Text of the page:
In 2012, the Henry RAC Holding Corporation—a New Jersey-based rifle manufacturer—was labeled by the Occupational Safety and Health Administration (OSHA) as a “severe violator,” and placed in the Severe Violator Enforcement Program (SVEP). As a result, the company was subject to follow-up inspections by OSHA. In a 2016 follow-up inspection, OSHA cited the company for additional repeat and serious violations.
Mandatory follow-up inspections are one of the key features of the SVEP, together with stricter settlement agreements (discussed in yesterday’s article), and an emphasis on corporatewide enforcement. Here’s the kind of increased scrutiny that employers can expect if OSHA labels them “severe violators.”
The Inspection That Just Keeps Giving
When an employer is labeled a “severe violator,” OSHA doesn’t just send out a list of citations and look for an abatement verification from the employer at a later date. Instead, OSHA makes a point of reinspecting the facility for abatement and compliance, and of determining whether all of the company’s facilities may have similar problems.
Employers that are placed in the SVEP will face increased OSHA enforcement scrutiny in the form of:
Mandatory follow-up inspections. When an employer is placed in the SVEP, OSHA will conduct follow-up inspections after any citation becomes a final order, even if the employer has provided abatement verification for the cited violations. The purpose of the follow-up inspection, according to OSHA, is to assess not only whether the cited violations were abated, but also whether the employer is committing similar violations.
Nationwide inspections of related workplaces/worksites. OSHA believes that employer indifference to compliance responsibilities may be indicative of broader patterns of noncompliance within the corporation. If OSHA believes that compliance problems identified in the inspection of one site may be indicative of a broader pattern of non-compliance, OSHA will inspect related worksites of the same employer.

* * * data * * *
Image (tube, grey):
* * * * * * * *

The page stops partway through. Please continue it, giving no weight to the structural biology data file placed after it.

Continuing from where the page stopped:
Increased company/corporate awareness of OSHA enforcement. By this, OSHA means that it will not just send a copy of the citations to management at the worksite that was affected. Instead, OSHA will attempt to ensure that corporate officers, union representatives, and the public are aware of problems in the worksite. OSHA will do this by:
- Mailing a copy of the Citations and Notifications of Penalty to the employer’s national headquarters (if the employer has more than one fixed work location).
- Mailing a copy of the Citations and Notifications of Penalty that is mailed to the employer’s national headquarters to the union representative as well.
- Issuing regional and nationwide news releases when citations are issued under the SVEP.
- Involving corporate officers in the enforcement process. If OSHA determines that an establishment’s safety and health problems should be addressed at the corporate level, it may send a letter to the company president, expressing OSHA’s concern with the company’s violations. OSHA may also try to schedule a meeting in which company officials, employees, and unions representing affected employees to discuss how the company intends to address safety and health compliance. OSHA will send a letter to the union representative if it decides that the establishment’s safety and health problems need to be addressed at the corporate level.
- Negotiating corporatewide enforcement agreements. OSHA has already done this with a number of national employers and not just in the SVEP program.
Avoiding the Label
Of course, the best way to avoid being labeled a “severe violator” is to focus on comprehensive OSHA compliance and on correcting any cited violations in order to avoid “repeat” and “willful” citations in the future. Employers can also reduce their chance of being labeled a severe violator by paying attention to OSHA’s National Emphasis Programs, from which the hazards subject to severe violator labeling are chosen.